Hillary Clinton On Scotus? Bet On It…Not Happening
There’s a buzz in the air – and on the Internet – today about Sen. Orrin Hatch’s (R-Utah) bombshell that Hillary Clinton is a possible Supreme Court nominee. Speaking on NBC’s “Today” show, Sen. Hatch declared that he “heard [Clinton’s] name today and that would be an interesting person in the mix.” Predictably, commentators on both sides of the ideological divide are aflutter with speculation. Lefties are counting confirmation votes and gleefully anticipating heads exploding on the Right, while their conservative counterparts, like Kevin Glass on TownHall.com, are lamenting the very concept of a “Justice Clinton.”
And all of it is straight out of the Republican handbook on tactical verbal warfare.
If there’s one thing at which the GOP excels (well, besides hypocrisy, philandering, and narcissism), it’s message control. Save for one unfortunate incident involving a certain blogger (okay, me) at a tea party a year ago, our rightward-leaning pals have been remarkably consistent in crafting and protecting their messages: hate Obama, hate health care reform, hate … well, just hate. And for nearly 20 years, the ultimate target of their hate has been nearly anyone named Clinton. Even the late Socks the Cat didn’t escape the wrath of wingnuts.
So it should come as no surprise that a Republican would invoke the one name that gets right-wing extremists foaming at the mouth more than any other to stoke the fires of rhetorical – and actual – resistance to President Obama’s eventual SCOTUS pick. For the GOP, “message control” often means “dog-whistling” – bringing forth a name or idea subtly, without any basis in fact or reality, in order to inflame the passions of their True Believers. And whether you support or oppose a potential Hillary Clinton nomination, you really need to see it as just what it is: another GOP dog whistle.
First, from a practical standpoint, Hillary Clinton would stand almost no chance of confirmation. Even ignoring her controversial status in the eyes of Republicans and, frankly, many Democrats, and even recognizing that prior bench experience is not a prerequisite for nomination to SCOTUS, the plain fact is that nominees, particularly in recent years, generally have some experience as a judge prior to joining the High Court. The last Justice appointed without such prior experience was William H. Rehnquist, who took office as an Associate Justice in 1972. More importantly, though, Clinton has garnered widespread praise and respect for her work as secretary of state, and it seems unlikely that the president would remove her from that post for what undoubtedly would be a rancorous and potentially destructive Supreme Court confirmation process.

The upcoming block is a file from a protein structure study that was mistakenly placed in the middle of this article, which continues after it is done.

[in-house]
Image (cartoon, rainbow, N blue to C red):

The best evidence, though, for the premise that Hatch was blowing smoke when he raised the spectre of “Justice Clinton” is the senator’s own words. Really, Sen. Hatch, you just heard Secretary Clinton’s name mentioned “today,” meaning sometime before your early-morning interview on NBC? And why won’t you tell America who proposed her name, or where you heard it?
In short, it’s another classic “some say,” in the fine tradition of “some say Obama is like Hitler” or “some say liberals eat babies.” It sounds authoritative, it’s easily verifiable (if one person says it, then “some say” is true), and the uninformed, uninterested wingnuts lap it up. But don’t believe it for a second. We on the Left may not be able to hear the dog whistle, but we don’t have to jump when it blows, either.Click here for reuse options!
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